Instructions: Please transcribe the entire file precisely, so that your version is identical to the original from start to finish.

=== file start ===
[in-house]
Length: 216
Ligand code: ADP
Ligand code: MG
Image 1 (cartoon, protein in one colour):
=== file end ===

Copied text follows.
[in-house]
Length: 216
Ligand code: ADP
Ligand code: MG
Image 1 (cartoon, protein in one colour):